More suggestions than solutions but good suggestions, such as these, are hard to come by.

John suggests using existing patents and their classifications as a learning set to classify non-patent literature.

Interesting but patent language is highly stylized and quite unlike the descriptions you encounter in non-patent literature.

It would be an interesting experiment to take some subset of patents and their classifications along with a set of non-patent literature, known to describe the same “inventions” covered by the patents.

Suggestions for subject areas?

Design Patterns for Distributed…

Sunday, September 29th, 2013

Design Patterns for Distributed Non-Relational Databases by Todd Lipcon.

A bit dated (2009) but true design patterns should find refinement, not retirement.


  • Consistent Hashing
  • Consistency Models
  • Data Models
  • Storage Layouts
  • Log-Structured Merge Trees

Curious if you would suggest substantial changes to these patterns some four (4) years later?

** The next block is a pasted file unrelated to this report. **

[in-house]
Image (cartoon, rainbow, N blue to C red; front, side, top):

JavaZone 2013

Sunday, September 29th, 2013

JavaZone 2013 (videos)

The JavaZone tweet I saw earlier today said five (5) lost videos had been found so all one hundred and forty-nine (149) videos are up for viewing!

I should have saved this one for the holidays but at one or two a day, you may be done by the holidays! 😉

Hands-On Category Theory

Sunday, September 29th, 2013

Hands-On Category Theory by James Earl Douglas.

From the webpage:

James explores category theory concepts in Scala REPL. This is the first version of the video, we have a separate screen capture and will publish a merged version later, with a reference here.

I don’t often see “hands-on” and “category theory” in the same sentence, much less in a presentation title. 😉

An interesting illustration of category theory being used in day to day programming.

See: Hands-On Category Theory at Github for notes on the presentation.

Perhaps this will pique your interest in category theory!

Notes on Category Theory

Sunday, September 29th, 2013

Notes on Category Theory by Robert L. Knighten.

From the preface: